TORONTO, May 16, 2012 /CNW/ - Sikhs who wish to enter a Toronto courthouse wearing a kirpan (stylized representation of a sword) now face fewer barriers according to a settlement reached with the Toronto Police Service, Toronto Police Services Board, and the Ministry of the Attorney General.
The Toronto Police Service ("TPS") agreed to revise its procedures to ensure that practicing members of the Sikh faith will be allowed to wear kirpans in public areas of courthouses, subject to an individualized risk assessment.
The TPS will also seek input from the World Sikh Organization of Canada and the Ontario Human Rights Commission on training for its court officers dealing with the duty to accommodate the kirpan related to a person's creed under the Human Rights Code ("Code").
The following conditions will apply if a person wishes to enter a Toronto courthouse wearing a kirpan:
- A person who wishes to enter a Toronto courthouse wearing a kirpan must self-identify as Khalsa Sikh and inform the court officer that they are carrying a kirpan upon arrival;
- All articles of the Sikh faith must be worn and available for proof, if required;
- The total length of the kirpan, including the sheath, may not exceed 7.5 inches with a blade of not more than 4 inches;
- The kirpan must be worn under clothing and not be easily accessible and remain so throughout the courthouse attendance.
The Ministry of the Attorney General's Court Services Division will also work with the TPS to identify the best way to have security screenings at each Toronto courthouse.
"This is a step in the right direction, combining respect for a person's religious observances with accommodation principles and Code obligations," said Chief Commissioner, Barbara Hall.
"Our client is very pleased that his human rights claim led to clarification of the procedures for practicing Sikhs to participate in court processes," said Bay Ryley, counsel with the Human Rights Legal Support Centre.
"This accommodation procedure is an important step in recognizing the needs of Khalsa Sikhs and making Toronto courthouses accessible to them," said Balpreet Singh, counsel with the World Sikh Organization of Canada.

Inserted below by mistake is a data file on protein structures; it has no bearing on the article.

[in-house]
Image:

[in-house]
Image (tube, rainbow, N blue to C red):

"The Toronto Police Service is pleased to have worked cooperatively to arrive at a procedure which recognizes the needs and rights of the Sikh community and the obligation to provide a safe, secure and accessible courthouse environment" said Acting Deputy Chief Jeff McGuire.
The settlement resulted from two different complaints alleging discrimination because of creed under the Code. In the first case, a woman who needed to attend a mandatory class trip to the Victim/Witness Assistance Program at the courthouse in Old City Hall was denied entry by court officers when she refused to remove her kirpan. She explained that a Sikh cannot unsheathe a kirpan or be separated from it. The court officers insisted on examining the kirpan and decided that it was prohibited. She felt that her only option was to leave.
The second case involved a man who was summoned for jury duty at the University Avenue courthouse. He informed the police officer that he was wearing a kirpan and was permitted to enter. After lunch, when he attempted to re-enter the courthouse, he was denied entry and provided with a written statement that stated "jury member carrying a kirpan excused. Advised zero tolerance."
The settlement is in line with previous court decisions such as in AGDA Group Consultants v. Lane (2008), where the court held that "risk can only be considered in the context of an undue hardship analysis, not an independent justification of discrimination".
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Ontario Human Rights Commission